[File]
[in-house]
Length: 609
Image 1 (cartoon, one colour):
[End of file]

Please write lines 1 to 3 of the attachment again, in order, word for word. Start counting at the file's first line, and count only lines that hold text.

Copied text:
[in-house]
Length: 609
Image 1 (cartoon, one colour):